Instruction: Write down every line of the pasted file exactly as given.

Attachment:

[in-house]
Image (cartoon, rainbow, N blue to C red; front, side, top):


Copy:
[in-house]
Image (cartoon, rainbow, N blue to C red; front, side, top):